Monday, May 18, 2009

By Coral Marshall - Columnist

For someone who has won the Gold Glove for eight consecutive seasons, Torii Hunter is a guy who doesn't get much credit when it comes to the All-Star Game. Sure, a career .273 batting average with about 25 home runs a year are not the numbers one expects from an All-Star outfielder (think Joe DiMaggio, Mickey Mantle or Ted Williams). Instead, Hunter's overall numbers are more akin to former Angel Fred Lynn, an All-Star who didn't make it to the game for the last seven seasons of his career. (He too averaged 25 homers a year and a .283 batting average, only .010 higher than Torii's.)

But the All-Star Game isn't about comparing the past with the present; it is about electing who is most deserving in the early months of a season to a game that not only celebrates the players who have done the best so far, but also determines which league gets home field advantage in the World Series. This should not be about fans only electing big name players, or players from their favorite team, yet it inevitably comes down to that; evidenced by the fact that fans are not allowed to vote for pitchers, perhaps even more telling is the election of David Ortiz to play first base when games are in National League parks and designated hitters are not used. But fans of the game of baseball should instead vote for the players who will give them the best game possible, especially since each team is required to have at least one player represented on the roster.

If the Angels are to have only one player on this roster, Torii Hunter is most deserving this season. This isn't to say that Mike Napoli and others have not stepped up to the plate metaphorically, but rather that Hunter has exceeded all expectations in Vladimir Guerrero's absence. While Napoli, Gary Matthews Jr., Bobby Abreu, Juan Rivera and the rest of the team have really come through in the trying times the Angels have faced with this season's injuries, Hunter has displayed the fielding and batting expertise necessary to hold the team together, which does not even include his clubhouse presence — which one can deduce from player interviews keeps everyone in good spirits.

Instead of making the All-Star Game a who's who of baseball, fans should work to honor those who have made a difference on the field and carried their team to this point in the season. Torri Hunter has become a prime example of this. His defense is unmatched, as shown by the aforementioned Gold Gloves, and not to mention his almost nightly appearance on baseball highlight reels. And to be honest, the numbers don't lie — Hunter has a perfect fielding percentage so far this year; that means no errors.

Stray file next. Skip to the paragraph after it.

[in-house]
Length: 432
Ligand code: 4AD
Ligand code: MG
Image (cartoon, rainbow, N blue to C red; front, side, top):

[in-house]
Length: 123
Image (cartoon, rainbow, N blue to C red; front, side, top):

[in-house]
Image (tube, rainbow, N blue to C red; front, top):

His offense has been impressive so far this season, too. Before Sunday's game, the Angels had a total of 27 home runs this season, of which Hunter had hit 9; that's one-third of the total for the team. (Is anyone else reminded of Babe Ruth in the 1920s by that kind of percentage?) His total ranks him No. 10 in the AL. His at-bats-per-homer ratio is an impressive No. 10 in the league, as well. With 14-plus position players in a game like the All-Star Game, where players are likely to only get one or two at bats for the entire game, this is a highly important statistic. The fewer at bats, on average, it takes for a player to hit a home run the more likely in any game (let alone a game that they will more than likely not bat the minimum three times) they are to do so, increasing the odds of scoring at one time rather than having to put together a rally. While his batting average may not have him on any leader boards before Sunday's game, he was batting .317 this season (an entire .029 points higher than his highest single season average), and more importantly his .611 Slugging Percentage ranks him ninth in the American League, while his 1.012 On-Base Plus Slugging percentage puts him at eighth.

Hunter has not only stood out amongst the Halos this year, but amongst the entire league. Who knows, with these numbers, maybe by the end of the season this will become a petition for an MVP instead of an All-Star Game bid.
Love to hear what you think!


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